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Laser Eye Surgery – Safe or Not?

Laser eye surgery is undertaken to permanently change the shape of the cornea and the lens of the eyes. This is necessary to correct vision problems like short-sightedness, long-sightedness and astigmatism to eliminate the need of wearing glasses or contact lenses. Generally, it is an out-patient procedure which takes about an hour. As simple as it may sound, people are often wary about the safety of laser eye surgery as it involves a very important body organ. Before undergoing this procedure, it’s best that you know some basic facts.

Types

Here are some common types of laser eye surgery:

•    Photorefractive Keratectomy (PRK). The outer layer of the cornea (epithelium) is removed with a blunt instrument like a surgical blade. A computer-guided laser beam vaporizes tiny amounts of tissue under the surface of the cornea. Sufficient amount of tissue is removed to reshape the cornea to correct vision. Because the eye can be very painful after PRK, painkillers and a bandage contact lens is fitted with antibiotics and anti-inflammatories. Healing time: one week.

•    Laser Assisted in situ Keratomileusis (LASIK). A flap in the cornea will be cut with a sharp blade or laser. The flap will be lifted and a computer-guided laser will remove calculated amounts of tissue from the inside layers of the cornea. Flap will be put back afterwards. While more complicated than a PRK, eyes heal faster with the LASIK. A more advanced option, Wavefront technology, may be explored as it corrects vision more precisely. It is common to have 20/20 vision the day after a LASIK procedure.

•    Laser Epithelial Keratomileusis (LASEK). The epithelium is cut with a fine blade and alcohol is used to loosen and lift it in a single layer. Laser beam is directed at the tissue under the epithelium. Afterwards, the epithelium is put back in place. This is advisable for vision problems that require minor correction. Healing time: two weeks.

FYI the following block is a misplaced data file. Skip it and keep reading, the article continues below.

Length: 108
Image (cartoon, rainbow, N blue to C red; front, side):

•    Epi-LASIK. In this modification of the LASEK, the epithelium is removed with a mechanical device using a blunt instead of a sharp blade.

Precautions

It is important to bear in mind the following precautions when undergoing laser eye surgery:

•    Eye patch will be worn over the treated eye for 24 hours.
•    For the first three months, tinted glasses with ultraviolet protection should be worn when out in the sun.
•    It should be performed by a qualified ophthalmic surgeon with training in laser eye surgery.

Risks

Laser eye surgery is a relatively safe procedure with complications occurring in less than five percent of cases. Moderate to severe pain may be felt in the first few days after the surgery.  This is usually not the case with LASIK but with the other procedures. Here are some of the rare complications that may occur:

•    Regression of the vision problem in which case a second surgery may be needed.
•    Dry eyes in the months after the surgery. This may be addressed by using artificial tear supplements.  In some cases it can linger and be quite a nuisance.  It is best to treat any dry eye aggressively before the procedure if possible.
•    Glare or halo effects during night driving, especially right after treatment and when higher correction is done. Thus, driving is not advisable within one to two weeks after the surgery.
•    Unstable eye shape due to excessive thinning of the eye wall.
•    Very rarely, severe vision loss occurs which require corneal surgery or use of hard contact lenses to restore vision.

Before undergoing this procedure, it is best to consult your optometrist that understands the idiosyncrasies of your eyes to know whether or not you would be suitable for a laser eye surgery.  To be assessed properly you will need a corneal topography (geographical map of the cornea) and a global pachymetry reading (corneal thickness measurements at many points) to be sure your cornea is not too thin for the procedure.

About the Author

Dr Jim Kokkinakis (Optometrist) graduated in 1983 from the Optometry School University of NSW. He is currently a Senior Lecturer there and regular speaker to both Optometrists and Ophthalmologists in Australia and Internationally. He has a specialist clinical practice in the Sydney CBD with interests in Eye Strain, Computer Vision problems, Treatment of Eye Diseases and complex Contact lens Fittings.

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